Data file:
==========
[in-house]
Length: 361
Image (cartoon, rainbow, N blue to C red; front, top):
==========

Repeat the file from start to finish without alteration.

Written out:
[in-house]
Length: 361
Image (cartoon, rainbow, N blue to C red; front, top):